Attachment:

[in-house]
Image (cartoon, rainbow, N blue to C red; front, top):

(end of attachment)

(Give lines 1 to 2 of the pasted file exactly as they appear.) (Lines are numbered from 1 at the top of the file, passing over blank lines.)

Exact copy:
[in-house]
Image (cartoon, rainbow, N blue to C red; front, top):